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47"L x 9"W x 41"H Wooden Ship Model - Painted Hull
You are looking at a hand built wooden model sailboat. It is made of all natural wood with hundreds of feet of linen rigging. The Bluenose II is carefully constructed using the plank on frame method with mahogany and rosewood for the utmost in realism. It has a brass prop and shaft at the stern. This model ship is extremely detailed. It even has a moving rudder and also has two life boats on the deck. There are slip knots on the sails to adjust the tension on the strings.
This sailboat model come's to you straight from the builder. It is shipped with the masts folded down and easily be stood upright in 20 minutes or less. There is a limited supply so don't miss out!
Construction: Months of research goes into the planning of these model boats. Original plans and pictures are used for their design and realism.
Rosewood: For the hull
Ebony: for blocks and details
English Sycamore: for the hull
Blackwood: for the hull
Mahogany: For the masts, squares and crows nests
Cherry wood: for the deck
Metal: anchors and other tiny details are made of chrome plate, brass plate and gold plate
Sails and rigging are made of linen of varied colors and thicknesses
They take hundreds of hours by skilled craftsman to build. Each model ship is examined during various stages of manufacturing and shipping to ensure the highest quality and accuracy possible for your investment.
The Bluenose II was built in Nova Scotia and launched July 24th. 1963. She was built from the original plans of the Bluenose and still to this day has the largest working mainsail in the world measuring 4,150 sq ft. The total sail area of the real ship is over 11,000 sq ft. The Bluenose has always been black but Legends about her name abound. Historians say it was the name given to crewmmen aboard the schooners that carried blue-skinned potatoes grown in Nova Scotia to the Boston market in the mid 1780's onwards. Fishermen were superstitious not to wear coloured mittens. Yet, one story is that the name originated from the blue dye markings left on their noses after wiping with their homemade woollen mittens worn when they fished in dories on the cold North Atlantic. The Bluenose II still sails today and can be seen in her native Novia Scotia.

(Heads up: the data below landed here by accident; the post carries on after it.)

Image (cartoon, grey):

The original schooner Bluenose has a very special place in the history of navigation and yachting. Built to fish off the Newfoundland coast, the ship soon turned out to be such a fast sailer that she won all the great classical regattas along the USA's Eastern coast. She was built in Nova Scotia in 1921, and shipwrecked near Haiti in 1946. A carbon copy - Bluenose II - was launched in 1963.
The Bluenose and the Bluenose II were built from identical plans, in the same shipyard of Smith and Rhuland and by some of the same men. It is identical to Bluenose in design of hull, rigging and sail plan. The ship features the largest working mainsail in the world, measuring 4,150 square feet (386 m� ), Total sail area measures over 11,000 square feet (1036 m� ).
Jib topsail 995 sq. ft. 93 m�
Jib 919 sq. ft. 85 m�
Jumbo (fore staysail) 620 sq. ft. 58 m�
Foresail 1,495 sq. ft. 139 m�
Fore gaff-topsail 600 sq. ft. 56 m�
Fisherman staysail 1,450 sq. ft. 135 m�
Mainsail 4,150 sq. ft. 386 m�
Main gaff-topsail 910 sq. ft. 84 m�
Total Sail Area 11,139 sq. ft. 1036 m�
Length, overall 161 ft. 49 m
Length, deck 143 ft. 44 m
Length, waterline 112 ft. 34 m
Beam 27 ft. 8 m
Draft 16 ft. 5 m
Displacement 285 tons 258 t
Bowsprit (projection) 17 ft. 6 in. 5.4 m
Formast,height from deck 118 ft. 36 m
Mainmast,height from deck 125 ft. 10 in. 38 m
Fore boom 32 ft. 19 in. 9.8 m
Main boom 81 ft. 25 m
Fore gaff 32 ft. 11 in. 9.8 m
Main gaff 51 ft. 15.5 m
Masts, booms, gaffs, deck Douglas Fir
Deck hatches, skylights, structures Mahogany
Hull Red oak, spruce and pine; galvanized iron fastenings
Crew (co-ed) 5 Officers
Twin Caterpillar Diesels (250 hp each) cruising at 8 knots